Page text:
Four days before the 1974 General Election, a lunch meeting between Bernard Donoughue, head of Harold Wilson's policy research unit, Marcia Williams, and No10 press secretary Joe Haines revealed an intriguing dynamic. Williams, known for taking purple hearts to stay awake, exhibited undiminished intelligence and a close bond with Wilson. Described as a nearly incestuous father-daughter relationship, their connection was rooted in mutual intellectual stimulation rather than romance.
Williams' behavior, however, began to change after Wilson regained power. Observers noted her increasingly eccentric actions and intemperate demands, causing distress to the Prime Minister and embarrassment to those around him. Donoughue recounted an incident where Williams abruptly left a dinner with the Prime Minister of Fiji and later returned with Frank Sinatra, fawning over him. Concerns grew about her erratic behavior and potential addiction to Drinamyl.
Williams' dependence on prescription drugs, including Valium, became apparent as she used them to counteract the effects of purple hearts. Her stability further eroded, leading Wilson's physician, Joe Stone, to prescribe large quantities of Valium. Stone's suggestion to "dispose" of Williams raised alarms but was rejected. However, no one questioned the underlying cause of her erratic behavior or considered her potential need for help and treatment.
In a controversial move, Wilson bestowed a barony upon Williams, now known as Marcia Falkender, facing outrage from the public and even some colleagues. Speculation regarding the resignation honours list fueled further controversy, with some believing that Williams used her influence to reward her friends and supporters. While allegations of Wilson selling honors were not made, the perception of Williams' power over him persisted.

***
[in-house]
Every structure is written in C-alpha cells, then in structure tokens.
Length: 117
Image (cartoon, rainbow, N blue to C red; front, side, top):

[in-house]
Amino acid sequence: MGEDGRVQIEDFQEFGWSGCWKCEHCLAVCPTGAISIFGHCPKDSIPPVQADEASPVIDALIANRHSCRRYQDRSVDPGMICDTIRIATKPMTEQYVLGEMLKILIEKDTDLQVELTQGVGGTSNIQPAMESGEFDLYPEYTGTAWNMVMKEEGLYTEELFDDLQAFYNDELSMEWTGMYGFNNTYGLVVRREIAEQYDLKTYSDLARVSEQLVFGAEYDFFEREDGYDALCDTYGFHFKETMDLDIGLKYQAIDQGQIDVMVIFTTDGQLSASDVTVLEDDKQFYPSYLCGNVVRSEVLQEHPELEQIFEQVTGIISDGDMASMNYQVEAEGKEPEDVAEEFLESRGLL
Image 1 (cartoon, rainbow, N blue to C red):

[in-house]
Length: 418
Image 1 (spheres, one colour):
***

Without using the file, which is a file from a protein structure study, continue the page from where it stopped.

After Wilson's resignation in 1976, rumored to be the result of a deal with his wife, Williams' relationship with the Labour Party deteriorated. She even reached out to Margaret Thatcher before her victory, offering assistance in defeating Prime Minister Jim Callaghan. The disillusionment with Labour stemmed from feeling unappreciated and undermined by the party's traditional hierarchical structures.
Williams' twilight years were marked by personal and financial struggles. Despite being the longest-serving Labour peer, she lived in relative obscurity, collecting attendance allowances in the House of Lords without making speeches. Her tragic story, characterized by unfulfilled desires for privacy and a baroness-like lifestyle, ended with her burial alongside her parents in West Haddon, Northamptonshire.
Marcia Williams was indeed a trailblazer and a woman who wielded true power in Downing Street. Her contributions remain underappreciated and overshadowed by her personal struggles. It is time to acknowledge her role as a political powerhouse and recognize her as a groundbreaking figure in British political history.
Linda McDougall's book, "Marcia Williams" delves into the captivating and poignant story of this remarkable woman, offering a fresh perspective on her rise and fall.